Whilst our teams in the GBR have been a little quiet in the last month, our SEQ teams have been busy completing surveys and clean-ups before the latest round of windy weather arrived.
This months email includes:
- Action of the Month: Mindfulness in May
- News from the Field
- Brain Food
- Current Coral Affairs
- Get With the Program
Mindfulness in May
How have you spent your time today? Did you invest it? Did you spend it? Did you waste it away? Each and every one of us has 86,400 seconds each and every day. Just think; if each day you were given $86,400.00 to spend, but at midnight the balance went to $0.. what would you do? You would spend as much as you could, each day, right? Well, TIME is more precious than any amount of money, so why do we spend so much of it doing things that don't fulfill us? Take some time to think about your daily 86,400 seconds; Where is your time being used? If you don’t like what you see.. change it. which brings us to this months action of the month;
Be mindful of where you allocate your time.
No one wants to end up regretting their decisions at the end of their life. So, work hard, but play harder. Spend time with friends, family, loved ones. Go on that adventure. Learn that new skill. Have courage to do the things you want to do and don’t wait until ‘X’ happens to allow yourself to live.
And whilst we are on the topic of mindfulness.. Reef Check Australia is the charity partner with a fabulous group called the Flow State Experience who run PRANAFEST- a 3 day wellness festival on the Sunshine Coast, (this year June 2-5). This event is full of amazing experiences designed to encourage connection back to yourself, to nature, and to the world around you. In short; its all about mindfulness. Living in the moment, and doing it surrounded by forest and water, and an array of experiences (yoga, dance, ice baths, breathwork, storytelling, star gazing, relaxing). So if you are looking for an opportunity to delve deeply into mindfulness.. we highly recommend checking it out! And for all our Reef Check Australia friends we have a SUPER SPECIAL discount code just for all of you… Head on over to Humanitix and enter REEFCHECKPRANA for your exclusive discount code!!
The point is to start small. Understand where your 86,400 seconds of time and energy goes, and tweak it if it’s not right. Make a plan to meditate, to be present and watch how quickly your resilience grows.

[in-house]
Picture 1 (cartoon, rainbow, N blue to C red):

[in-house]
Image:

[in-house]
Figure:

News from the field
Stories and updates from our teams out & about. Check out some of these regional stories on our website!
South East Queensland
La Balsa Park, Survey Dive
Remembering the clearest water we had on our clean up dive, the Reef Check Australia team was excited to jump in and check out the site, and see how much it might have changed since our last reef health monitoring survey here.
Reef Check Australia has been monitoring La Balsa as a reef health monitoring site in 2018 due to a growing interest in the area. Plenty of critters utilise this area as a nursery, and due to its location, the substrate and animals that live there change semi regularly.
The water was certainly clear, with the substrate consisting of lots of rock with turf algae, sand, a few bryozoans, a macro algae called Padina, and several large solitary ascidians. We were lucky enough to spot two cleaner shrimp, two Drupella snails, and a collector urchin amongst plenty of fishing line along the transect (removed once counted, and if safe to do so).
We also spotted several flatworms which we have never spotted in the area before. They are not new to the Sunshine Coast, but new to this area. Interestingly, we did not find any other flatworm or nudibranch along the transect area. We did however find a set of small turtle remains.
Thankyou to Scuba World for the tanks and to our volunteer Kade Chambers who completed his first Reef Check Australia survey dive after completing his training late last year. We hope it’s the first of many!
Reef Check Acknowledge the Kabi Kabi people of the Sunshine Coast, Traditional Custodians of the land and sea country on which these activities took place and we pay our respects to their elders past, present and future.
This project is supported by the Sunshine Coast Council’s Environmental Levy Partnerships Grant.
Moreton Bay - St Helena - Survey Dives
Despite heavy rains in the lead up, Moreton Bay put on a show for our team, showing just how gorgeous the on-water conditions can be, meaning this tiny but mighty Reef Check Australia team was able to get out and conduct a summer reef health survey at Saint Helena Island, to document any changes to the reef in the area.
Reef Check Australia has been monitoring Southeast Queensland reefs since 2007, and Saint Helena Island since 2017, as part of a partnership with Port of Brisbane to monitor the effects of activities in the Bay. These locations are monitored twice a year (summer and winter) to detect any seasonal changes.
St Helena Island is located 5km from the mouth of the Brisbane River. The island itself has an interesting history. From 1867 it operated as a high security colonial prison, operating for 65 years as a self sufficient set up, complete with lime kiln, sugar refinery, a sugar cane plantation, and almost no native vegetation due to its removal early on.